AFTER HEAVY RAINS, MOSQUITOES BECOME AN ISSUE
With the liquid contribution of sub-tropical storm Alberto rains has been frequent and copious in nature. There is plenty of water for north Florida’s lawns, gardens, ponds, pastures, swamps and the aquifer to create the perfect place to hatch mosquitoes.
Citizens who are dependent upon a residential well are breathing a collective sigh of relief as the water soaks into the soil. A major concern, and cost, of a dry year is the practices required to avoid running short of water.
Municipal water system managers across the state are pleased, too. They face the same challenges on a much expanded scale.
The bad news is water standing in ditches, pastures, swamps and any water-tight container exposed to the open environment is a probable breeding site for mosquitos.
Florida is home to about 80 to 85 mosquito species, many of which live in the panhandle. Of those 20 plus are exotic mosquitos which have been inadvertently imported, such as the Asian Tiger Mosquito.
Not All Mosquitoes Feed on Humans
Contrary to popular perception, not all of these dine on humans. Some target only birds, others only frogs, and still others will target any animal which can provide a blood meal.
The blood meal is sought only by the females as part of the reproductive process. The nutrients found in the blood of host are critical to producing viable mosquito eggs.
Both adult male and female mosquitos consume plant nectar as a source of high sugar energy during their lives. Most males live about a week and are easy to identify with a magnifying glass. They have distinctly bushy antennae on their heads.
While many of the mosquitos are considered pest, only about 20 are disease vectors or bridge vectors. A sudden increase in their population after a storm or flooding event will cause concerns with public health officials.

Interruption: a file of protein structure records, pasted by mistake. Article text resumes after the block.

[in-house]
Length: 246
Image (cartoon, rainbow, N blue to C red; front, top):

The bridge vectors, mosquitos in this case, do not directly infect humans or livestock with a pathogen. They prey on carriers, commonly birds, which act as the disease reservoir and then spread the infection within the carrier species.
When the disease afflicted carrier comes into contact with a mosquito which will take a blood meal from any source, then the disease may reach humans, livestock and even pets when the female mosquito seeks another blood meal to support the next batch of eggs.
Disease outbreaks can occur at any time, but typically come later in the mosquito season. The preceding cold season will always kill off some of the disease reservoir animals and initially thin the mosquito population.
As mosquito season progresses, the mosquitoes increase their numbers and improve their chances of contacting a diseased animal. Odds of a disease outbreak grow with each blood meal the mosquito consumes.
Mosquito mitigation methods are simple. Remove standing water from around homes, barns, and other mosquito-prone areas.
Use repellants per label directions and wear protective clothing. Avoid exposure to mosquitos during dusk and dawn when they are most likely feeding. Take extra precautions when working or playing in natural areas with ponds, swamps and marshes.
While mosquitos can be a major impediment to enjoying summer in Florida, they fit in the environmental balance. Some fish fingerling and dragonflies are dependent upon mosquito larva as a source of food.
Purple martins, bats and toads use adult mosquitos as a major dietary staple. Take prudent precautions, and let the aforementioned species control the mosquitos without giving these airborne insects supplemental nutrition.
Learn more about managing north Florida’s mosquito population, contact the local UF/IFAS County Extension Office. Click here for contact information.